Saving time and money are just a couple of the important aspects of why organization during a divorce is so important. Your stress level will already be turned way up during a divorce. Having to jump from one problem to the next will cause you to feel like a chicken with its head cut off. Not great when you have about a million things to keep together while your divorce case rolls on.
Divorce is all about checking boxes
You will quickly find out that there are steps to a divorce that everyone goes through. Filing your petition, responding to your spouse’s petition, going to mediation, responding to discovery, going to mediation again and then possibly attending a trial. These are a handful of the more notable steps in a Texas divorce. You will need to check each of these boxes before you can officially call yourself a divorced person. Thinking of your spouse as your ex-spouse on the day that you file for divorce is a mistake.
During the case, your attorney will be relying on you to supply him or her with facts, information and evidence that can be used to bolster your case. Some of this information can be transmitted verbally, i.e., through conversations with him or her. Other times your attorney will need you to turn over documents like financial statements, tax returns or other hard copy documents or electronic files. This is often a problem for many people because they are not organized. If it takes you days to locate a document or a file you are losing time. Your attorney will not have an opportunity to review the document and to utilize in the best way possible in your case.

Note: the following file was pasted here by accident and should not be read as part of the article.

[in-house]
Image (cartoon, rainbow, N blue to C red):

You don’t have to be fancy to be organized
Again, don’t use your divorce as an excuse to go out and buy a bunch of stuff at Target. The truth is that you can become organized simply by becoming more intentional about the things that you do. Rather than drifting through your day you should take control of it.
For example, instead of waiting until the end of the day to read emails from your attorney, you should read and respond to them as quickly as you can. Here’s why I say that. You have the luxury of only being concerned with your divorce. Your attorney, on the other hand, has a number of other people who also need their help. As a result, your problems are not on the front of your attorney’s mind at all times. If he or she has taken the time to contact you about your case, you need to get their attention while you can.